New research from Age Concern and Help the Aged shows that seven in ten older people are resorting to thrifty skills picked up during the war and post-war years to help them save money and make resources go further during the recession.
Trying to fend off the blows of the economic downturn‚ 70 per cent of people over 50s say they are getting back to trusted money-saving strategies learnt during previously tough times or handed-down from their parents. The survey shows:
- 91 per cent of people over the age of 50 say they budget carefully and spend within their means
- 87 per cent cook from scratch rather than buying ready-made meals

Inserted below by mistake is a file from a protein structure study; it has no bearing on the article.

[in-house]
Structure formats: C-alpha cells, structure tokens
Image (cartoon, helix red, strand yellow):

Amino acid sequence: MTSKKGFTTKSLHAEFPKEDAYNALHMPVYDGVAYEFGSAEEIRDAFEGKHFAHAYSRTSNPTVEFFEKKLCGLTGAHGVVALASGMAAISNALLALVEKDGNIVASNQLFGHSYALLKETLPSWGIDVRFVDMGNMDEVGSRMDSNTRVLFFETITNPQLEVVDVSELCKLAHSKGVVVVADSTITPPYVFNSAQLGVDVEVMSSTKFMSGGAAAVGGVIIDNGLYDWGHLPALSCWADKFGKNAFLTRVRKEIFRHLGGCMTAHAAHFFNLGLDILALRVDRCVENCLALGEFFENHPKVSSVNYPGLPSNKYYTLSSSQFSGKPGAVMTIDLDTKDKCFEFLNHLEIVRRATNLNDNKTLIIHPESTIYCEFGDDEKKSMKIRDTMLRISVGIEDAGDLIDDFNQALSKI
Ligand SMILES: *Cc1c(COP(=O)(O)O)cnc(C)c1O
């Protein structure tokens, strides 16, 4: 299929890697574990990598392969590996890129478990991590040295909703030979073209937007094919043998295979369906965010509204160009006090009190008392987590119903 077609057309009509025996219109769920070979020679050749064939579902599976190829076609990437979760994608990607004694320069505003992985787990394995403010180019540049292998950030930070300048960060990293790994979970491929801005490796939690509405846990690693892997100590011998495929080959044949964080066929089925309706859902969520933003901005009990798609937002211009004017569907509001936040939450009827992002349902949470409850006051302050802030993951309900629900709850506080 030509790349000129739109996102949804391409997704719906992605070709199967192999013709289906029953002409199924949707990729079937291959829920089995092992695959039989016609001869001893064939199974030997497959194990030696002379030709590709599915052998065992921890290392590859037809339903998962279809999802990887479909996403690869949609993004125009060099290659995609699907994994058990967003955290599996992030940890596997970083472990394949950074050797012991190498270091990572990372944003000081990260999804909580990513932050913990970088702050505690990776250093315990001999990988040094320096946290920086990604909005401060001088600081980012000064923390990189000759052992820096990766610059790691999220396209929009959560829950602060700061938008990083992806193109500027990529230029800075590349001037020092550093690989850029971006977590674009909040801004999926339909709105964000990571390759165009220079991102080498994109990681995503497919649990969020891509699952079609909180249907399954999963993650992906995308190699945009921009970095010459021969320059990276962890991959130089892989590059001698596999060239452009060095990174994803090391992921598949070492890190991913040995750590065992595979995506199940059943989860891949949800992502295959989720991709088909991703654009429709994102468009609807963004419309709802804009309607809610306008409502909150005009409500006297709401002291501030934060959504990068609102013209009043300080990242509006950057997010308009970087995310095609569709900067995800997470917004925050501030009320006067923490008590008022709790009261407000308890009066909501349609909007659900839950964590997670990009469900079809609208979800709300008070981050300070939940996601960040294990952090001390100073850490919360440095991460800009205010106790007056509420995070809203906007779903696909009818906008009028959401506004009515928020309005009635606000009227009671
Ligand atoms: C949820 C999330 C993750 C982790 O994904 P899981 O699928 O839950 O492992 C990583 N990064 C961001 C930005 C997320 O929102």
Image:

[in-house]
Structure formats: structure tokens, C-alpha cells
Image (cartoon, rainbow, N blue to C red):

- 71 per cent reuse leftover food
- 54 per cent shop for food in the reduced section or buy reduced food at the end of the day
- 50 per cent sew or mend items for themselves or others
- 29 per cent grow their own vegetables.
The research also shows nine in ten older people believe the ‘make do and mend’ mentality could help younger generations weather today’s recession. Younger people share the same belief with 84 per cent of people aged 18-24 thinking they could benefit from skills handed down from tough war and post-war years.